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The trip ended with the purpose as to why I went to NY in the first place. Back in December, about 40 alumna from my highschool got together to do one last Musical performance. The ReUnion Show. After 2 months of much excitement over what is now a long lasting memory, about 12 of us got together on Sunday to watch the dvd. It was, I think, everything we hoped it would be. Considering we only had 2 days to put it together. We laughed, some cried, we drank! We had a moment. A good one.

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You see, life will sure remind you of who you are, and where you come from, even if you don’t want it to, or weren’t expecting it. Such as I wasn’t expecting it when I received the call about 8 months back to do the choreography for the show. But through each and every one of those moments, there is something new to learn. Something to gain. New people to meet. Old memories to remember, new memories to create. New laughs to be laughed, new tears to be cried. And yet, one push to the next moment. The next moment to get to and the next moment to come across. Never looking back in regret, but always in appreciation for the moments you’ve lived have taken you to where you are, and where you will be.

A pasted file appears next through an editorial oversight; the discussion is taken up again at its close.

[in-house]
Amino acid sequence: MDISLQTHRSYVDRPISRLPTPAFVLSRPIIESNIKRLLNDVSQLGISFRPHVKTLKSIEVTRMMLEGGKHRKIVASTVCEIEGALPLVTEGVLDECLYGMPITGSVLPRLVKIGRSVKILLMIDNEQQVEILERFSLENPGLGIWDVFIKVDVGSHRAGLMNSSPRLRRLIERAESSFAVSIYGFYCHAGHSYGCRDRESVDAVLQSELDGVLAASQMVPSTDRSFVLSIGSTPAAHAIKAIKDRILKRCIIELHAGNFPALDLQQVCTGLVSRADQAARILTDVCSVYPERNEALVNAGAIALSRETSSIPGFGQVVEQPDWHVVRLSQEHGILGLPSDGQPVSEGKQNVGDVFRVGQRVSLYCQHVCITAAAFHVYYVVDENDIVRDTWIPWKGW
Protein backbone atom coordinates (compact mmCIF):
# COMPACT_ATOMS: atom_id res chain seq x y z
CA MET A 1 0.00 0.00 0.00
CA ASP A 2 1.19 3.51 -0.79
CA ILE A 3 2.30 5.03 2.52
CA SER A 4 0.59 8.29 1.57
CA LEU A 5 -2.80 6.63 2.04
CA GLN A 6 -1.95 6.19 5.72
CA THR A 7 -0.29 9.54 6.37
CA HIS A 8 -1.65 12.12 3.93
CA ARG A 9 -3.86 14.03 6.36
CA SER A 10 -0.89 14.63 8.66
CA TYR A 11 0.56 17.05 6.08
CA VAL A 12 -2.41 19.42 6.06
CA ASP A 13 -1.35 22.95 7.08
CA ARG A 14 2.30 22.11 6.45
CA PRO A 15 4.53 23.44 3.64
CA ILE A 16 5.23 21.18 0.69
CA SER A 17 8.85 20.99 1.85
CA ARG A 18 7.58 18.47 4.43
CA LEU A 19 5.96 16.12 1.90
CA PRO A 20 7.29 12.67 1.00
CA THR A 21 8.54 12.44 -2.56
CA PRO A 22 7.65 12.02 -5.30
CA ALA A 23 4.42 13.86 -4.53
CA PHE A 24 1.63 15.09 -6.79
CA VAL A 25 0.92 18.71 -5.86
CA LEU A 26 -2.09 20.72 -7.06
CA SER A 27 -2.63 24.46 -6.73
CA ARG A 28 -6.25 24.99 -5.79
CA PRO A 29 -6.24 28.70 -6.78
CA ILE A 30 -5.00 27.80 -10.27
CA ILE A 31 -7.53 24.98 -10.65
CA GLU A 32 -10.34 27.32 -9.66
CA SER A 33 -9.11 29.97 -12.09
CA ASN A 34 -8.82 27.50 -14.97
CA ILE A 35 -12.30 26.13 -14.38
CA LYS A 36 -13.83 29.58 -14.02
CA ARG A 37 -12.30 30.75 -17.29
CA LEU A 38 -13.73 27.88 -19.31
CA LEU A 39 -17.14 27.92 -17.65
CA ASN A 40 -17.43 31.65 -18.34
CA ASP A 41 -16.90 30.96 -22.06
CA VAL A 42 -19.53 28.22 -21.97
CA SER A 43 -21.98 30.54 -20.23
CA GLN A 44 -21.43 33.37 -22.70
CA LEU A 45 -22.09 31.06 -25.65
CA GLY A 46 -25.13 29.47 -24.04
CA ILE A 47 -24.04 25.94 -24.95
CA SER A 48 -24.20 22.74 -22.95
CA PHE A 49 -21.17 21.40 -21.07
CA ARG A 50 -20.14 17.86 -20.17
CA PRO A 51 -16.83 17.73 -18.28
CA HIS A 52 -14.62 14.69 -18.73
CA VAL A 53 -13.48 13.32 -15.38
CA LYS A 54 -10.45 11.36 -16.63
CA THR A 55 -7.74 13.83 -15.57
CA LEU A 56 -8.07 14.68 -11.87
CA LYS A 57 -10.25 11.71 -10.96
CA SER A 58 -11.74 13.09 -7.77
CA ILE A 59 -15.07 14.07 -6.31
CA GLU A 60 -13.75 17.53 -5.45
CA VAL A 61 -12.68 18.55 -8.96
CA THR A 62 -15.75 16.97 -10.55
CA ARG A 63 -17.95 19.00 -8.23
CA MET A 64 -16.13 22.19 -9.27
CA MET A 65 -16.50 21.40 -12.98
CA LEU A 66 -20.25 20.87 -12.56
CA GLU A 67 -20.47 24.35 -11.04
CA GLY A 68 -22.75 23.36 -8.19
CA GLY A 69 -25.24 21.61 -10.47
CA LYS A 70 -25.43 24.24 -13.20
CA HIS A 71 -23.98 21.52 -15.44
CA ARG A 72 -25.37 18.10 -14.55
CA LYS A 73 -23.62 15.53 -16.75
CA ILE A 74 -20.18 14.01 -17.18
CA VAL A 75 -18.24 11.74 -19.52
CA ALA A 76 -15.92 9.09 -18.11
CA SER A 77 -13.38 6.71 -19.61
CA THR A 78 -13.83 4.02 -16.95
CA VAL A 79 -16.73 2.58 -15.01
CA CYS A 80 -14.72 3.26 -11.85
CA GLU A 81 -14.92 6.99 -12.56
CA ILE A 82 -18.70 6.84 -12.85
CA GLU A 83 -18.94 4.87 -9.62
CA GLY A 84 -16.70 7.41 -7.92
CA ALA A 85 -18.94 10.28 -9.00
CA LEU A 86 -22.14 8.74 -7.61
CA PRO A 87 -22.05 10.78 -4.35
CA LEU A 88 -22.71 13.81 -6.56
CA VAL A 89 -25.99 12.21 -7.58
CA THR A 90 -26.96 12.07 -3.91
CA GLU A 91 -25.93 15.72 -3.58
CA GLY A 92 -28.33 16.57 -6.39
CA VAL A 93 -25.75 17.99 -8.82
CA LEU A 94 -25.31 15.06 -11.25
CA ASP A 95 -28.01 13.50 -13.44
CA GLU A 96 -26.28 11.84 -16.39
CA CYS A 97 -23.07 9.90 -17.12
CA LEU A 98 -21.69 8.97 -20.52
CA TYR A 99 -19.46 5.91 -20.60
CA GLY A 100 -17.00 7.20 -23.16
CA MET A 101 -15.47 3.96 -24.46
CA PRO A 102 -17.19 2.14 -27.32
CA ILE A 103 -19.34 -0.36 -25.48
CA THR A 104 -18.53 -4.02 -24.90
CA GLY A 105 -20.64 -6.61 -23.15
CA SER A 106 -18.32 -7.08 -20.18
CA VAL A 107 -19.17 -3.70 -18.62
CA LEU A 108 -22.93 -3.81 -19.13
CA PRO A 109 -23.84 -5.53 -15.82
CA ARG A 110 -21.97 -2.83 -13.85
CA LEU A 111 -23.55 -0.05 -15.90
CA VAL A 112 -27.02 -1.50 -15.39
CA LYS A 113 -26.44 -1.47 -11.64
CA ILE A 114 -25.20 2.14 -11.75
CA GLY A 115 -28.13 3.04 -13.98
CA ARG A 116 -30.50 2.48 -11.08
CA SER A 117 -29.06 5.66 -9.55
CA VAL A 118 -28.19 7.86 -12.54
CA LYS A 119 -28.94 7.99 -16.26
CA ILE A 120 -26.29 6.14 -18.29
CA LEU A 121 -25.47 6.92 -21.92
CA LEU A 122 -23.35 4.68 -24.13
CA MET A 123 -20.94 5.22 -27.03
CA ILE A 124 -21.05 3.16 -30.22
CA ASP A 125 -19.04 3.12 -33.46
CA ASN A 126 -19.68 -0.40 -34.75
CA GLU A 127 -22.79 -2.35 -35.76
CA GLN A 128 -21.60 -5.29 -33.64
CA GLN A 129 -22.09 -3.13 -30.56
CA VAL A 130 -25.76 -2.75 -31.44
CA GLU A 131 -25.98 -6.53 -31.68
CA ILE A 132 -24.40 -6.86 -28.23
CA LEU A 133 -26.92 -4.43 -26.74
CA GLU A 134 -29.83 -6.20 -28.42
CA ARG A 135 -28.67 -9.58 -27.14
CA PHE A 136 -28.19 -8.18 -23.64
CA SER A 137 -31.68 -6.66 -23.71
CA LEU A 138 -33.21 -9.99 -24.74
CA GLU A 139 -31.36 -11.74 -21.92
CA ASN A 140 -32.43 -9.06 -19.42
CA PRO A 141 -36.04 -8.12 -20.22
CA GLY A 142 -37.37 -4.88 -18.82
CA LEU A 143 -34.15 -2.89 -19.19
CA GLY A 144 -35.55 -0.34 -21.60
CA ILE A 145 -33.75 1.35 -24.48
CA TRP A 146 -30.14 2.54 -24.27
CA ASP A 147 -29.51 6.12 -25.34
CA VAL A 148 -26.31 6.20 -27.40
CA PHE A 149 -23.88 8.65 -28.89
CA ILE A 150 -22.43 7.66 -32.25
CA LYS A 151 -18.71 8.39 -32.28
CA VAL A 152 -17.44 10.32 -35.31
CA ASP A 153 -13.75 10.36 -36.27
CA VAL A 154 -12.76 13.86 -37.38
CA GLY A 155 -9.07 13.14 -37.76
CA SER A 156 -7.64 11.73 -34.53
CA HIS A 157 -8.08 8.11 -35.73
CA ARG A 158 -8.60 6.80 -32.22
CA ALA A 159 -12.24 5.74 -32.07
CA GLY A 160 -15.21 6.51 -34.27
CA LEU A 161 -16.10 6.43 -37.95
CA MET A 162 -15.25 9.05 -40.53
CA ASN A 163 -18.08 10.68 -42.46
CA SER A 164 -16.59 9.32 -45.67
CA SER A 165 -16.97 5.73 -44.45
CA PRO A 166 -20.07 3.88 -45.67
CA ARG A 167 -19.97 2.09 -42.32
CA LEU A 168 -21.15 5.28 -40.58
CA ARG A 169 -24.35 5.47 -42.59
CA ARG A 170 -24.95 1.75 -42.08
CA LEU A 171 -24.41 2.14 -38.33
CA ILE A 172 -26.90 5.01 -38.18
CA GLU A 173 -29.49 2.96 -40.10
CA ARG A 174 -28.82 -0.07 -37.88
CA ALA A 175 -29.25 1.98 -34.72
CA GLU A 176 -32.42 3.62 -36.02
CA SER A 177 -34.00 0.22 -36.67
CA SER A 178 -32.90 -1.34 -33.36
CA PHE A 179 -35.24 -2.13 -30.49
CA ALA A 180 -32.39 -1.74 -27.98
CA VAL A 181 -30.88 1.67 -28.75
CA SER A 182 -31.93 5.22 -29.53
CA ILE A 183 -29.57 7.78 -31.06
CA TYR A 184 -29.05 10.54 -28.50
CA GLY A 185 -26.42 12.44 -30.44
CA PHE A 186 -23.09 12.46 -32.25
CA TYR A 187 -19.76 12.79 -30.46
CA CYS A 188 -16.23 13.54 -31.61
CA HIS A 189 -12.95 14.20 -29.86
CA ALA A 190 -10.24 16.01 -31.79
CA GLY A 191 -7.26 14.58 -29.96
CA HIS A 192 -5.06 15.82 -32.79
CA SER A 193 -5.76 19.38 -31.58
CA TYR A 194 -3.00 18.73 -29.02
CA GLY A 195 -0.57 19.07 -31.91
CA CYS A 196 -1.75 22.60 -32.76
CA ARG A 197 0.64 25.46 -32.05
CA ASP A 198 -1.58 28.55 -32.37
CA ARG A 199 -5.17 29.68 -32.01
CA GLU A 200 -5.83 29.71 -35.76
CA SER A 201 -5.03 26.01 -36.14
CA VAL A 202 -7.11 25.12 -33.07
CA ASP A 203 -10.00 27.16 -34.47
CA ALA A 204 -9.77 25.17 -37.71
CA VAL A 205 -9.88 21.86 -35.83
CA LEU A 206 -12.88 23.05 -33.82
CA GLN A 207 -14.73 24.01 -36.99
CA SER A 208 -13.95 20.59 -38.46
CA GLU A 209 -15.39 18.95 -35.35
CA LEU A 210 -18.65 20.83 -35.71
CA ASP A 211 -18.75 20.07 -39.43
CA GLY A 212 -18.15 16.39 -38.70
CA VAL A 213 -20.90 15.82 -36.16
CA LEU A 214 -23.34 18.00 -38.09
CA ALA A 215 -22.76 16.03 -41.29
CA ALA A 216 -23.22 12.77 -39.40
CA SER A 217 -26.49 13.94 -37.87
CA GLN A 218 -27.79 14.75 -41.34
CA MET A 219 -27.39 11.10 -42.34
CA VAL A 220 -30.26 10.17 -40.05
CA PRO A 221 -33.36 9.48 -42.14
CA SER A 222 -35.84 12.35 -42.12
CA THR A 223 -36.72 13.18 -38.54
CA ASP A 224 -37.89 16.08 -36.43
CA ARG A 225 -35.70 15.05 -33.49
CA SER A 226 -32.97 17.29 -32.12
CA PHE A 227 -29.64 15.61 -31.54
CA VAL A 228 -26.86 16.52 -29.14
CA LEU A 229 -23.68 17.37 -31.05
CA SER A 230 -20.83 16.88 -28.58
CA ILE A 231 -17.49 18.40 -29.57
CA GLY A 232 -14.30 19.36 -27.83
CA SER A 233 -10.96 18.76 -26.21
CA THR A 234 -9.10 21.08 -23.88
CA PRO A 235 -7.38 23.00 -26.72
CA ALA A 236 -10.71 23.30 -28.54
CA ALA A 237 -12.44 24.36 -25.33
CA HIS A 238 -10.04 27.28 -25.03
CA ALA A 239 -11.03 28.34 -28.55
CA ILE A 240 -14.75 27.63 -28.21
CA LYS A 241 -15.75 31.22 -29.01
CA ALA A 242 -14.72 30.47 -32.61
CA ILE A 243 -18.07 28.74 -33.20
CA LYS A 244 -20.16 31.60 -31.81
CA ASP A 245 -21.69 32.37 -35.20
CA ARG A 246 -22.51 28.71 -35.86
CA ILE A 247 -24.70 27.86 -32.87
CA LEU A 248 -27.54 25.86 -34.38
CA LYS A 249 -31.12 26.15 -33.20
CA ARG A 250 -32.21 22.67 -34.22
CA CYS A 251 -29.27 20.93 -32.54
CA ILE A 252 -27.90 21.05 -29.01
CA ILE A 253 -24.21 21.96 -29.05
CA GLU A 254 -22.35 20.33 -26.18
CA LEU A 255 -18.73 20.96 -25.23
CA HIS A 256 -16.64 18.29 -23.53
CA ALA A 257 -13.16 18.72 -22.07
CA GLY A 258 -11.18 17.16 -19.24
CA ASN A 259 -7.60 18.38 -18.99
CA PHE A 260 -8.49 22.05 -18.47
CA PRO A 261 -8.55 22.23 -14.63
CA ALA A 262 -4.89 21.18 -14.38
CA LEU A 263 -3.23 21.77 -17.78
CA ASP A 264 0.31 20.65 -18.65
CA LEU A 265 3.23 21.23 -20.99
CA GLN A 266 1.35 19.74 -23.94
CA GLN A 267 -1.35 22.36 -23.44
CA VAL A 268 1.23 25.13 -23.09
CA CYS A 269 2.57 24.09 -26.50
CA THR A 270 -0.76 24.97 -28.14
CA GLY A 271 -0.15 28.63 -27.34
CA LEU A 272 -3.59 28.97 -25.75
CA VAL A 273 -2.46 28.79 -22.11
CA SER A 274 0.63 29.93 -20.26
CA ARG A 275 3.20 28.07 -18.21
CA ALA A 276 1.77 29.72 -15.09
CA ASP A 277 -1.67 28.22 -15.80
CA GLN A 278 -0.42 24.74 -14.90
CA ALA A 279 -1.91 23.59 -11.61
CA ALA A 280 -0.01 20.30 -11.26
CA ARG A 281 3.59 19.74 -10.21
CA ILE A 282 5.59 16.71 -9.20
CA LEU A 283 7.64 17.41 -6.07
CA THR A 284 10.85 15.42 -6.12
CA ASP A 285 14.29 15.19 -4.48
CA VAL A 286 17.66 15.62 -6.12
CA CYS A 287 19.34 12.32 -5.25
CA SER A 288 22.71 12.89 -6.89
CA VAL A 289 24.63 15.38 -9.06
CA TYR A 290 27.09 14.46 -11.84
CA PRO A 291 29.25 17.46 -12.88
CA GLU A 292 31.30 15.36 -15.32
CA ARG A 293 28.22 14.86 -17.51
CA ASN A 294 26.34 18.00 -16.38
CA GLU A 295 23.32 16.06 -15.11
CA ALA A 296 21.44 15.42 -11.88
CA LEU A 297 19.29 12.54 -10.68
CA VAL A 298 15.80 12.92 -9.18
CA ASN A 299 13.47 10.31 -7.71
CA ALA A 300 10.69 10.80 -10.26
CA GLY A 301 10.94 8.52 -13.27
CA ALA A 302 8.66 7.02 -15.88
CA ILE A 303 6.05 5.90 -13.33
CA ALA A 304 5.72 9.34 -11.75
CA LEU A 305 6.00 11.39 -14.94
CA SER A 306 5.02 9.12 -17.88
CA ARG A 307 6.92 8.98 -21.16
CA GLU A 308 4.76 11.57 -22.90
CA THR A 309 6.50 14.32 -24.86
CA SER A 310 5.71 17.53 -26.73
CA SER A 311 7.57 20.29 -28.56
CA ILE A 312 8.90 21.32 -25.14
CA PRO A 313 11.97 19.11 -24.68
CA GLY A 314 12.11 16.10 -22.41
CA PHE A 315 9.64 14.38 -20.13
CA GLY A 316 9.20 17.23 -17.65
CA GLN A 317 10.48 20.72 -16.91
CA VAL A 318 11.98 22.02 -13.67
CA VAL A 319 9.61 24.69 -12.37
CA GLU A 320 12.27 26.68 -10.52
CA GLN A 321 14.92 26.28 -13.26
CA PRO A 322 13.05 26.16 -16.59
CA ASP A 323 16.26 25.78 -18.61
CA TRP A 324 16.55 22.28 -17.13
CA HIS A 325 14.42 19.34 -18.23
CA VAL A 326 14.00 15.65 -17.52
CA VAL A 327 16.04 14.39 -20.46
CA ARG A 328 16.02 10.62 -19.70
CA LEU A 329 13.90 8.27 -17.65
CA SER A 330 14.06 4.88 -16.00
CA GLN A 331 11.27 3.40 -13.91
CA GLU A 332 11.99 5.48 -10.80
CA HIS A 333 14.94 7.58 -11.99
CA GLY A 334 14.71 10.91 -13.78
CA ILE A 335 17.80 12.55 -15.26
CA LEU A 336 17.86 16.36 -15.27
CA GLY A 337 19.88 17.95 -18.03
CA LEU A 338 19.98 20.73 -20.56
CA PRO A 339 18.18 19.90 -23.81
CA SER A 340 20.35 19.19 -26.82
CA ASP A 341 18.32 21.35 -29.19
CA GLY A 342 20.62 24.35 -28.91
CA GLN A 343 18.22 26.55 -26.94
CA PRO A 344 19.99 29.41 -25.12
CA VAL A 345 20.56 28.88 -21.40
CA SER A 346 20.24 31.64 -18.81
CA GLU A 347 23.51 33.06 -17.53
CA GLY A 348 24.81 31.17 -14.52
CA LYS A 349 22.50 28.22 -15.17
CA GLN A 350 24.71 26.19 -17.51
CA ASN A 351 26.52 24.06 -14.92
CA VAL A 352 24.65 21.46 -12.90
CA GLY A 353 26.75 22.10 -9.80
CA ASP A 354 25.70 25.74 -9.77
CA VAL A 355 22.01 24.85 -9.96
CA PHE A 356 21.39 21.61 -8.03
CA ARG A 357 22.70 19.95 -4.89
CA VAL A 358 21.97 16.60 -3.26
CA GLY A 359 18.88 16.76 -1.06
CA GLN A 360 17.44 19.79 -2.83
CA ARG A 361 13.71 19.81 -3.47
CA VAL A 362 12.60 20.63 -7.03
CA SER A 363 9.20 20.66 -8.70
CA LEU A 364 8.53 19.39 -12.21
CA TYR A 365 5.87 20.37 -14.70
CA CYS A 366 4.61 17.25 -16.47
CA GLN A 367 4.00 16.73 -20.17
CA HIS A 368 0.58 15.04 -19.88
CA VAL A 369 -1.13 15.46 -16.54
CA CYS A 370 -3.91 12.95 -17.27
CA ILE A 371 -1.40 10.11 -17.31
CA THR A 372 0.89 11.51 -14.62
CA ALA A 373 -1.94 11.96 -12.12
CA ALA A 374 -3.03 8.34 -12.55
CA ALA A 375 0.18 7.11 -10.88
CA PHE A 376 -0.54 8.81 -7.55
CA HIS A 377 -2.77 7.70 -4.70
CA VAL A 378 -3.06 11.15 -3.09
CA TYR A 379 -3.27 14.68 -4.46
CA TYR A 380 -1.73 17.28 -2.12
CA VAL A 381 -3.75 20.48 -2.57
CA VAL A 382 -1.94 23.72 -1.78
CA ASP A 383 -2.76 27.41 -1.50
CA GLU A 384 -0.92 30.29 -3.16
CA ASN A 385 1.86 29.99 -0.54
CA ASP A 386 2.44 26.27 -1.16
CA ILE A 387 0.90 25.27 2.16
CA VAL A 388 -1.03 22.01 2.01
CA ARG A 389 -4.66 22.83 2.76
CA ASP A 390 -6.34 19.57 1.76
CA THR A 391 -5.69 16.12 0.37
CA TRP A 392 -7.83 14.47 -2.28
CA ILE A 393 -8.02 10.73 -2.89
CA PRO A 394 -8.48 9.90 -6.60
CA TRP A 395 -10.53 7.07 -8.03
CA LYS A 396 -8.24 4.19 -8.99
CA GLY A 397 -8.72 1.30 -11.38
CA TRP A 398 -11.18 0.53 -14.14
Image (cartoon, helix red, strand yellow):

I didn’t meet the man of my dreams in NY, nor did I win the lottery (how’s that for wishful thinking?), but I see now that I may not be in Miami at the wrong time. I am here now. And I know that I want to be here now. I was just bumped into the next moment. And I will share it with you when that comes along. As for the title, maybe I’ll actually get to that at a later post. For now, I’ll be at Level25 enjoying a great Spanish wine, while watching a Spanish Pinxtos cooking demonstration. VALE!

PS- Here’s a few more pics from the trip worth posting:

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2 responses to “eggwhite omelet with a side of whole wheat toast.

  1. Dear Daughter:
    Jorge Luis Borges, one of the most brilliant writers of the past century, wrote a poem entitled “Instants”. Life is just a sum of instants; good ones and bad ones; happy ones and sad ones; poor ones and wealthy ones.
    God makes your sum of the possitives ones!

  2. dear sister:
    you are so adorable,
    but your spelling is simply terrible.
    nonetheless, i adore you.